Intelligence Agencies Must Be Able To Fight Terrorism In Secret
By: Rachel Marsden
PARIS -- Does anyone else miss the days when intelligence agencies were
permitted to operate covertly and it was considered totally acceptable that they
do so? It seems to be increasingly the case that Western countries are perceived
as less than democratic if their traditionally covert operations aren't fully
transparent to the public.
It's one thing for wrongdoing to be exposed and debated, but the bar for what constitutes "wrongdoing" by intelligence agencies has been lowered so drastically that it has become prohibitive. It's being publicly defined by the loudest whiners who believe in transparency at all costs. Whether or not critics realize it, transparency makes intelligence work ineffective. They're called "secret services" for a reason. Yet anyone who argues in favor of keeping them "secret" these days is considered a statist or an enemy of freedom instead of someone who realizes their inherent value in a democracy.
Pursuant to last October's terrorist attack on Canadian Parliament, Prime Minister Stephen Harper has introduced new legislation that would, among other things, authorize the Canadian Security Intelligence Service to remove suspected terrorists from flights or interfere with their banking transactions. The new legislation would also increase the sharing of national security information across federal agencies.
In response, top-secret-intelligence leaker turned Russian resident Edward Snowden told Toronto students via video this week that Canada is setting up a "new secret police." Snowden could stand to learn a thing or two from his Russian hosts and their world-class counterterrorism operatives, who managed to quietly kill Islamic terrorist leader Doku Umarov of the North Caucasus after he took credit for orchestrating pre-Olympic civilian bombings.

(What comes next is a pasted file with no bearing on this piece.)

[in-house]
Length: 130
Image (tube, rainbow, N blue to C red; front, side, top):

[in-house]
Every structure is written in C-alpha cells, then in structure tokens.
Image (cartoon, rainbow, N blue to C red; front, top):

Snowden was joined by journalist Glenn Greenwald, who pointed out how rare terrorist attacks are in Canada. And why might that be? Perhaps it's because of the good work of the intelligence services. How is the lack of terrorism in Canada a valid argument against the secret services being dedicated to stopping it?
Would critics prefer that the intelligence services stand down in the face of "new secret police" labeling? Would citizens prefer to find out just how effective intelligence agencies have been by seeing whether there's an increase in terrorism after the agencies have been handcuffed?
If there are any cases of "secret police" action, no doubt the Snowdens and Greenwalds will be there to tell us about it. But why preemptively predict malfeasance or attribute malice?
Transparency is the nemesis of operational security -- even for the enemy. Perhaps the only good thing about Islamic State terrorists trying to set up a caliphate is that it moves what has largely been an ideological ghost-war against terrorism without geographic boundaries back into the realm of a definable battlefield. Likewise, the Islamic State propaganda and recruitment machine that operates over social media allows for the group's methods and tactics to be readily viewed, researched and assessed so that their vulnerabilities can be exploited.
There are two fronts on which terrorism has to be defeated: Enemy combatants must be stopped on foreign soil, and domestic sleeper cells must be wiped out. In both cases, operational secrecy is the key to eradication.
The Washington Post recently ran a story detailing a successful secret counterterrorism operation in which the CIA and Israel's Mossad cooperated in the assassination of Hezbollah commander Imad Mughniyah with a car bomb in Damascus, Syria, in 2008. Mughniyah was believed to have helped plot terrorist operations against the U.S. and Israel dating back to the 1980s, including the bombings of the U.S. Marines barracks and the U.S. Embassy in Beirut, Lebanon, in 1983, and the hijacking of TWA Flight 847 in 1985. More recently, Mughniyah had been deemed a threat to U.S. troops operating in Iraq.
So Mughniyah was quietly snuffed out. The operation was a total success -- right up until it was splayed out in the Washington Post because someone apparently couldn't keep the details a secret. The only difference between that operation and targeted drone strikes is that drones carry out the same sort of assassinations even more publicly -- and we're worse off as a result. A lack of discretion in counterterrorism matters, whether it's highly visible drone kills or the ridiculous idea of trying enemy combatants captured on a foreign battlefield in Western courts of law, means that you're soliciting a counterproductive reaction and attention to your modus operandi.
So let the secret services do their job -- in secret. The opportunity to point fingers at a legitimate screw-up will always exist.
COPYRIGHT 2015 RACHEL MARSDEN